The Human Cost Of Gold

The Human Cost Of Gold


INTERVIEWER: Gold is maybe the
most universal shorthand there is for value and for greed. The ancient Egyptians
were obsessed with it. European explorers marauded
through South America in search of it. And American cities, like
San Francisco and Seattle, rose to prominence
because of it. It’s a big part of
our history as humans. Looking at all that,
our obsession with gold also seems historical. Sort of, old-timey. But that’s not at all true. There’s still huge
demand for gold today. The recession of 2008 helped
gold quadruple in value. And a full half of all the
gold mined in the world has been mined in the
past 50 years, alone. But what is different about
gold today is how we get it. DIEGO CUPOLO: What happens
in gold producing areas is not what we imagine,
where somebody’s in a cave using a
chisel and hammer to get these big gold nuggets. INTERVIEWER: That’s Diego
Cupolo, a photojournalist who spent some time
in Cajamarca, Peru near a modern gold mine. Actually, not just
any gold mine, the largest in all
of Latin America. And modern mining looks very
different than it used to. DIEGO CUPOLO: Most of the
gold that we are mining now comes in the form of
little specks of sand and little flakes
mixed in with dirt. So basically, a lot
of these companies are using open-pit mines to
grab as much dirt as possible. And then they process it
with different chemicals, including cyanide,
mercury, arsenic. INTERVIEWER: Basically,
a laundry list of all the things you want
to keep far away from people. But the mining process
creates a lot of wastewater laced with those pollutants. And up in the Andes Mountains,
the water doesn’t stay put. DIEGO CUPOLO: When you
take a mining operation and put it on top of a mountain,
the water, as we all know, only follows gravity. it goes down in every direction. [MUSIC PLAYING] INTERVIEWER: And therein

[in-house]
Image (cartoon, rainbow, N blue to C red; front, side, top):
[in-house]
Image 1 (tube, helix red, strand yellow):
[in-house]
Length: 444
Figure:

lies the problem. According to Diego,
poisoned water has seeped throughout
the region, causing stomach cancer in
people, illnesses in livestock, and decimated fish populations. And the people of Cajamarca,
who were promised new wealth from the mining economy,
haven’t all seen a benefit. DIEGO CUPOLO: They see
water that is contaminated and economic opportunities
that haven’t really changed for them. Quality of life has remained the
same for many of these people without any of the profits that
you assume a gold mine would bring to a region. INTERVIEWER: And so the
people have done the one thing that they’re able to do
about the mines, protest. They’re pushing back against
foreign corporate influence, ruined natural resources, and a
history that somehow has never seemed to change for them. DIEGO CUPOLO: They’ve been
exploited for about 500 years now, ever since the
Spanish arrived and started taking the Inca’s gold. It’s the same story that
happens wherever you have resource extraction projects. It’s a dirty industry,
which makes private profits and public disasters. INTERVIEWER: For Diego,
it all comes back to the value of gold. As expensive as gold is right
now, after visiting Cajamarca, Diego sees it as
undervalued, dangerously so. DIEGO CUPOLO: I realize
that gold is cheap because we pay through it
through the lives of people who live in gold-producing areas,
through the lives of people that live in Cajamarca or
any region in the world. INTERVIEWER: For
a very different looking protest
movement, check out this next video on the
infamous black bloc protests, and why participants
choose to remain anonymous. SUBJECT: People that are
doing black bloc tactics always have black bandanas. They always have some
king of face covering. Sometimes they’re wearing
sunglasses or hats or masks. They always wear black clothes. INTERVIEWER: And as always,
don’t forget to subscribe. Thanks for watching.

33 Comments

  1. So similar to what's happening in Brazil right now, the worst environmental disaster in our history. They just killed a big river

  2. Amazing that someone i don't know knows my feelings and thoughts so well that he put them in a video and we, as humanity, saw it!Thank you!

  3. I never understood why gold is so valuable. It is shiny and beautiful. Thats it. That is why its worth so much money? I dont get it.

  4. its easy to say something, but once you been offered those much Gold? will you able to resist the temptation of Gold? Gold is in our nature as human, its hard to resist.

  5. More murder of human beings. This is what happens when we as the international people are excessively capitalist and have no socialist being. Ideally, markets should be capitalist while the government socialist.

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